Foster and adoptive parents have the difficult job of creating an nurturing environment for children who have come from traumatic places. However, many children themselves are unsure of their own feelings and thoughts. How do caregivers help someone that cannot communicate the issues with someone?
Join our online panel of experts, who also happen to be former foster youth, as they give you insight and advice by drawing on their own past situations.
Darren and I love to travel, and as prospective parents, we dreamed of sharing adventures with our children. So imagine our dismay when our first 6-hour drive as a family ended in us arriving at our destination literally shaking from the stress and chaos of the trip, determined we would never go on vacation again, and the vacation really hadn’t even started!
1. Typical Vacation Strategies Don’t Often Work!
When we took that first trip all together, we thought we’d start our travels at night while the kids slept. We hadn’t considered how hyper-vigilant the kids were, how they were constantly on the lookout for danger, or how they did not trust that the adults had everything under control. We overall underestimated the stress they would be under in the car. Thinking about it later, it made sense that a young child who was taken away from their biological home in a car by strangers, taken by car to live with strangers (5 or 7 times in our kids’ cases), and who were consistently being driven around by strangers to see other strangers may find riding in the car anxiety producing. Also, one of our kids spoke often about having been lost on more than one occasion with biological family.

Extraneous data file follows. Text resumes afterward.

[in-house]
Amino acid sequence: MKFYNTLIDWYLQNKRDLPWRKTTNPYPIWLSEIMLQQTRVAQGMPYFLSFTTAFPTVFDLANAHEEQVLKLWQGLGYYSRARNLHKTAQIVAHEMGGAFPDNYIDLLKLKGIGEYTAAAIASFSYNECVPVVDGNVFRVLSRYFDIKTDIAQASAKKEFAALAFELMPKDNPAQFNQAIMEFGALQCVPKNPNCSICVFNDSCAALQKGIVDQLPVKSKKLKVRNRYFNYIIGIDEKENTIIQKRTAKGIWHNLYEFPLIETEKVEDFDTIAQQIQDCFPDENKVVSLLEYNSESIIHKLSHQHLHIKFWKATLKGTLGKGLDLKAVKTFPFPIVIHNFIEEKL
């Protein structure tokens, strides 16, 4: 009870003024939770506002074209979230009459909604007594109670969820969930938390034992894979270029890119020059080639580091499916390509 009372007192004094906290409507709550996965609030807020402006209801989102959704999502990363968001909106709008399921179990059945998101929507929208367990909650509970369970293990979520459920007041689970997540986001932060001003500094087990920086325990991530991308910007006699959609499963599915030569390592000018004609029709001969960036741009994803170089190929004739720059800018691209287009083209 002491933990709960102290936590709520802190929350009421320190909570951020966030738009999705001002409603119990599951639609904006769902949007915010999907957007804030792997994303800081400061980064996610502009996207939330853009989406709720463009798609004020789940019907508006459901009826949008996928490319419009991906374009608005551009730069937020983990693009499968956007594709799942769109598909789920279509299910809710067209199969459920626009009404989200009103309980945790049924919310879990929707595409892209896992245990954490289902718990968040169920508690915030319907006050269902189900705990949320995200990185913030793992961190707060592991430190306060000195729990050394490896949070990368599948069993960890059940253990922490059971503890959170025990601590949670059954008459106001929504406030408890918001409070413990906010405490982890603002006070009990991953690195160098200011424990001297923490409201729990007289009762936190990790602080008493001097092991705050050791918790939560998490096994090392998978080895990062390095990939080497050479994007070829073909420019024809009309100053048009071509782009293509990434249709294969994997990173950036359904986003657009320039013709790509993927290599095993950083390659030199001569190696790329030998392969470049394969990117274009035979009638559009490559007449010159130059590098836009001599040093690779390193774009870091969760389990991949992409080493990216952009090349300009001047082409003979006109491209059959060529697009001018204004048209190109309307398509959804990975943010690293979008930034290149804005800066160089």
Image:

Our kids were so nervous in the car that they would do ANYTHING to stay awake…scream, smack themselves in the forehead, kick the seats, make noises, self harm, fight with each other, ask incessant questions, and so on. (Can you see why we were convulsing after 6 hours on only a partial night’s sleep?!)
In general, strategies that families often use to ease vacation stress do not work with our children. I recall my parents teaching us how to use mile markers to estimate the length of the trip. This doesn’t work with children who have disabilities and do not understand number sequencing.
2. Negative Behaviors Multiply on Vacation!
Does your child hoard food? Does your child have problems sleeping? Do your children attempt to control everyone and everything around them?